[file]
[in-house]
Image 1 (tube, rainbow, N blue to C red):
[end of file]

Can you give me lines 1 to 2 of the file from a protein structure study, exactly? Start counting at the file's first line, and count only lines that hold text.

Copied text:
[in-house]
Image 1 (tube, rainbow, N blue to C red):